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University of Oxford Course/Program Name
Application closes on
National :15 Oct 
International :15 Oct 
EU :15 Oct 

BA Classics and English

Catalog id : QQ38
 Course Level
Bachelors / UG
 Type
Full Time

 Duration
3 Years
 Start month
October

 Tuition fee

International
15295 GBP
National
9000 GBP
EU
9000 GBP

Application fee

International 75 GBP
National 75 GBP
Department
Faculty of English
Scores accepted
IELTS (min)7
TOEFL-IBT (min)110
TOEFL-PBT (min)600
SAT (avg)1470
ACT (avg)32
2

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About this course

Classics and English appeals to those interested in the interactions of historically diverse literary cultures. English may be taken with Latin or Greek or both.

  • This is for candidates with an A-level or equivalent in either Latin or Greek or both.
  • Oxford has a long and distinguished tradition of research and teaching in both Classics and English, and possesses remarkable library provision in both subjects.
  • The highlight of the Classics and English course is the link papers, which are studied over the second and third years.
  • They provide an opportunity to compare texts from both sides of the course and to study classical influence. Further papers are also chosen from each of the ‘parent’ subjects.

C&E Careers:

Many graduates in Classics and English have entered fields such as teaching, the media, management, advertising and librarianship, or have continued to further study in their subject.

Check further details on University website

Eligibility Criteria

Academic:

  • A-levels: AAA (with As in Latin and Greek, if taken)
  • Advanced Highers: AA/AAB (with As in Latin and Greek, if taken)
  • IB: 39 (including core points) with 666 at HL (with an aggregate of 12 in Latin and Greek, if taken)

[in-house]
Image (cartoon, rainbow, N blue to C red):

• Or any other equivalent

English Language Requirements:

  • IELTS: overall score of 7.0 (with at least 7.0 in each of the four components)
  • TOEFL (paper-based): overall score of 600 with a Test of Written English score of 5.5
  • TOEFL (internet-based): overall score of 110 with component scores of at least: Listening 22, Reading 24, Speaking 25, and Writing 24.
  • Cambridge English: Advanced, also known as the Certificate of Advanced English (CAE): grade A if taken before January 2015, or a score of at least 185.
  • Cambridge English: Proficiency, also known as the Certificate of Proficiency in English (CPE): grade B if taken before January 2015, or a score of at least 185.
  • English Language GCSE, or O-level: grade B (for IGCSE, please see below)
  • International Baccalaureate Standard Level (SL): score of 5 in English (as Language A or B)
  • European Baccalaureate: score of 70% in English.

Exemptions from this requirement will be considered for applicants who have

  • studied the International Baccalaureate programme, if it is taught in English
  • studied the Singapore Integrated Programme (SIPCAL)